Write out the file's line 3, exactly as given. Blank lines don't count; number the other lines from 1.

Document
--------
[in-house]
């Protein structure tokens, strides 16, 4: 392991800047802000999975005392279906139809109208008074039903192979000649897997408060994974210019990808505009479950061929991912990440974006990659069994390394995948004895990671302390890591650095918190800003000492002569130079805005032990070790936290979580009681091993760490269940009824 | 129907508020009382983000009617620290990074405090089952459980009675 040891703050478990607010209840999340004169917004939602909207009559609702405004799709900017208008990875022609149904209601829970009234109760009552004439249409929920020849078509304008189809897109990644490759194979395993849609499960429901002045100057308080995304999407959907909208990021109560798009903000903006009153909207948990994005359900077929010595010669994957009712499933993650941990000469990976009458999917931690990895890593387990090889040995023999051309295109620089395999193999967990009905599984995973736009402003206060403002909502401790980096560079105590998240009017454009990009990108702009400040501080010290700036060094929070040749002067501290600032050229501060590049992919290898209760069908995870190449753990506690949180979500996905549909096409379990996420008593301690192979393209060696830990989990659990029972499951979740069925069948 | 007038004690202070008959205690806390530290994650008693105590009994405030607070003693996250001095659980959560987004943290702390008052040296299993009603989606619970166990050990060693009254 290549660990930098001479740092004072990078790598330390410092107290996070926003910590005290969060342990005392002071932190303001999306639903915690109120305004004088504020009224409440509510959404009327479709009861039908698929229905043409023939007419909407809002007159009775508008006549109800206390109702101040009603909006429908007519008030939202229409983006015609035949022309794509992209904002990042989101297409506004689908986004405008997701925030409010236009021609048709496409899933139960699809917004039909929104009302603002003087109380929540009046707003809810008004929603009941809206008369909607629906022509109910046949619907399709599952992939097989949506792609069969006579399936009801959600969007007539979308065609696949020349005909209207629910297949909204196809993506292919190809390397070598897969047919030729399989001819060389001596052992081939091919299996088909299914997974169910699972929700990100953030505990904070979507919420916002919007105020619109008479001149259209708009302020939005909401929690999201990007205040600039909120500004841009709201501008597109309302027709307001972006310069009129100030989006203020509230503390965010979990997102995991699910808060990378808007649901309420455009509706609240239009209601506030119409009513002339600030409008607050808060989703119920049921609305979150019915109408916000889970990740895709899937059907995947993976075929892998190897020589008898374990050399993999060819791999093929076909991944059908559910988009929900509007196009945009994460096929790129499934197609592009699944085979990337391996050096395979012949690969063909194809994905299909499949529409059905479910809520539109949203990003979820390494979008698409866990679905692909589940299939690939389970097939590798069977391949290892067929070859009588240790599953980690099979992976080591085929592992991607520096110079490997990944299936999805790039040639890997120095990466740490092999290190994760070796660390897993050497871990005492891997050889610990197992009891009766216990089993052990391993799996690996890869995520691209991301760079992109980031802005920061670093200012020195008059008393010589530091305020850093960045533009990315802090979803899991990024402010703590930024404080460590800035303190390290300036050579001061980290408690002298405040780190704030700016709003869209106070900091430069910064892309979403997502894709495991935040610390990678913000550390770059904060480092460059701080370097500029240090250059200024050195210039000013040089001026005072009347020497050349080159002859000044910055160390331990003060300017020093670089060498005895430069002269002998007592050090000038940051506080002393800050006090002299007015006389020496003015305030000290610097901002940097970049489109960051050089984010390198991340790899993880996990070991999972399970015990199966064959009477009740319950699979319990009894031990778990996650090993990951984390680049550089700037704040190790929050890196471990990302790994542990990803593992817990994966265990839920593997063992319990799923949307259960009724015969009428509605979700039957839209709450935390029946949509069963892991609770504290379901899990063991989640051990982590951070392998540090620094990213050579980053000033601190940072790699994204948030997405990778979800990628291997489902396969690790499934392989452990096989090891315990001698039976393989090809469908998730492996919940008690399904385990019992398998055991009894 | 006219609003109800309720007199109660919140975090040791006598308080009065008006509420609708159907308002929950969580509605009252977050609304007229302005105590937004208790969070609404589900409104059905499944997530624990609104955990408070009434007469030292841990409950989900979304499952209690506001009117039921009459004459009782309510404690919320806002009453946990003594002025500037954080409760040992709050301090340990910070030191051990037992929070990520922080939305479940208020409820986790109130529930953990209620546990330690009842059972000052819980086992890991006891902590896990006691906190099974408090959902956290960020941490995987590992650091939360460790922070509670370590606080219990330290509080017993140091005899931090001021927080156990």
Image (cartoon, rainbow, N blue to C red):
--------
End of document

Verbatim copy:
Image (cartoon, rainbow, N blue to C red):